Pollution plays a role in autism and dyslexia, say Israeli and foreign scientists
Conclusions emerge from presentations by Israeli and foreign scientists at a conference on the relationship between pollution and children's health problems.
Growing evidence suggests pollution plays a significant role in developmental problems among children, including autism, attention deficit disorder and even dyslexia, it was revealed at a conference on the subject in Israel Wednesday.
These conclusions emerged from presentations by Israeli and foreign scientists at a conference on the relationship between pollution and children's health problems. The conference, sponsored by the Environment and Health Fund, was part of the annual convention of the Israel Ambulatory Pediatric Association.
One of the principal speakers at the conference was Prof. Philip Landrigan, a pediatrician at Mount Sinai Hospital in New York, who noted that many countries worldwide have reported a sharp rise in recent years in the prevalence of development disorders such as autism and ADD. This rise cannot be attributed solely to genetic factors or to higher rates of diagnosis, he said, and today, even researchers who once thought environmental factors could explain only a small fraction of the increased incidence of autism, for instance, have been convinced that it accounts for at least 25 percent of the rise.
Exposure to substances such as lead, mercury and pesticides is particularly dangerous for children, because they are more sensitive to these materials - in part because their brains are still developing, Landrigan said. A child's body also breaks down poisonous materials less efficiently than the adult body does, and any given quantity of chemical has more of an impact on a child because it constitutes a larger proportion of his body mass. Additionally, most children will spend more years being exposed to poisonous substances than adults will, he said.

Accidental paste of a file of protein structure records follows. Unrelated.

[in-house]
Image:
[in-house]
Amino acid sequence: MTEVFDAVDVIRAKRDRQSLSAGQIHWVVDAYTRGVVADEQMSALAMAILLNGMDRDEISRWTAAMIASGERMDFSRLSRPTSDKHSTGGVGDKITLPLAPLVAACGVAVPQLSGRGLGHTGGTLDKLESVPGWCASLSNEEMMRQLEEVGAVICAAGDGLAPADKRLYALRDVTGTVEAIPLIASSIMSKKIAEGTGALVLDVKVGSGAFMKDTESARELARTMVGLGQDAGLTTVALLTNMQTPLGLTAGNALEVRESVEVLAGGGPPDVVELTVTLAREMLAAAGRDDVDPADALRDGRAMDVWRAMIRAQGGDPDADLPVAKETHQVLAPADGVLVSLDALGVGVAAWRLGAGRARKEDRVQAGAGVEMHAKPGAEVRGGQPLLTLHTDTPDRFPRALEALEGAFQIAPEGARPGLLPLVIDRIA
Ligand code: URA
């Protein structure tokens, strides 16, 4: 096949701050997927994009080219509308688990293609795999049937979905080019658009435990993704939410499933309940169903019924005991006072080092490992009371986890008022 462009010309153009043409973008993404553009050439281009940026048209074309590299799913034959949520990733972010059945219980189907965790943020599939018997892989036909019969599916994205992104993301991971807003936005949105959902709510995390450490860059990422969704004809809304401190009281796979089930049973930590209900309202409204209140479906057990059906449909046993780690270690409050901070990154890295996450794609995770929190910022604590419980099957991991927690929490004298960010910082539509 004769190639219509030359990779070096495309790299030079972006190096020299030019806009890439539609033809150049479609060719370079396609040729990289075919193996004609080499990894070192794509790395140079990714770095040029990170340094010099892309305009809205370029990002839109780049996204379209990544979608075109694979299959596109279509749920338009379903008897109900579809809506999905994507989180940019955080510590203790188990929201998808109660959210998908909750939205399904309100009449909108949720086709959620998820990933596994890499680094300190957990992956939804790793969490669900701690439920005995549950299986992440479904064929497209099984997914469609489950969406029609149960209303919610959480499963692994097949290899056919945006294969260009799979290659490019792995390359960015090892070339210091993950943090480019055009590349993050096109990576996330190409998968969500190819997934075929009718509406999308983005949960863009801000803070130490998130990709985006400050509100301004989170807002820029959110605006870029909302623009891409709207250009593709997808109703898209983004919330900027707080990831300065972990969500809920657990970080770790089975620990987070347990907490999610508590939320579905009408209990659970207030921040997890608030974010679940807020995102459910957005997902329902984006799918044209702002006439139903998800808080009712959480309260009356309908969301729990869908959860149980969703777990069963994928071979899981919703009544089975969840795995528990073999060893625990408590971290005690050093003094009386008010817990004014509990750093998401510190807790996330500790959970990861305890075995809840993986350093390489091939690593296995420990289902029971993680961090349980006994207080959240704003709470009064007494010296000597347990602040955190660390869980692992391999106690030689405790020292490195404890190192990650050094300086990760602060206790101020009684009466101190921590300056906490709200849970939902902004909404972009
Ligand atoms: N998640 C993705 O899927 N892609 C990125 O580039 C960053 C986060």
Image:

Today, blood tests find hundreds of types of chemicals in children's blood, Landrigan noted. But little is known about the effects of most of these substances because they have never been studied. And while hundreds of other substances have been identified as harmful to human health, their impact on children in particular has generally not been investigated. Nor has research been done on the cumulative effect of exposure to multiple poisonous substances - though modern humanity makes use of some 80,000 different chemicals, he said.
Some Western countries have tried to contend with the problem by requiring chemical manufacturers to do more testing of and reporting on their products' health impact, but so far success has been partial.
Dr. Orna Metzner of the Environmental Protection Ministry said that Israel, too, is now working on creating a database for chemical safety data, as one of the commitments it undertook when it joined the OECD.
One of the successes of recent years has been in reducing children's exposure to lead. Dr. Tamar Berman, the Health Ministry's toxicologist, said the level of lead found in drinking water now exceeds the permitted maximum in only two percent of samples - though she stressed that, given the risks of lead exposure, this is still too much.
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